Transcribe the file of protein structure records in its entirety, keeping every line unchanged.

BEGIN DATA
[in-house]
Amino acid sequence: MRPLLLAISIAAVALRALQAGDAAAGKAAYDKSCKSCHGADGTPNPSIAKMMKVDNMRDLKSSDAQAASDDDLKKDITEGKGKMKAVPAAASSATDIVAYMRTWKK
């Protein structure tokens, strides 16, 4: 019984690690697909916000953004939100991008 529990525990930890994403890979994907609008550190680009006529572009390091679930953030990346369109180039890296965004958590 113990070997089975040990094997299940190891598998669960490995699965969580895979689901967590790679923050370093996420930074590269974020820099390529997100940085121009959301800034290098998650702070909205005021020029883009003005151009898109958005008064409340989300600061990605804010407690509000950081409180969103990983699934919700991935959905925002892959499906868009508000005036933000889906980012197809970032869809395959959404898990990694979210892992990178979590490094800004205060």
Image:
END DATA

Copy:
[in-house]
Amino acid sequence: MRPLLLAISIAAVALRALQAGDAAAGKAAYDKSCKSCHGADGTPNPSIAKMMKVDNMRDLKSSDAQAASDDDLKKDITEGKGKMKAVPAAASSATDIVAYMRTWKK
């Protein structure tokens, strides 16, 4: 019984690690697909916000953004939100991008 529990525990930890994403890979994907609008550190680009006529572009390091679930953030990346369109180039890296965004958590 113990070997089975040990094997299940190891598998669960490995699965969580895979689901967590790679923050370093996420930074590269974020820099390529997100940085121009959301800034290098998650702070909205005021020029883009003005151009898109958005008064409340989300600061990605804010407690509000950081409180969103990983699934919700991935959905925002892959499906868009508000005036933000889906980012197809970032869809395959959404898990990694979210892992990178979590490094800004205060």
Image: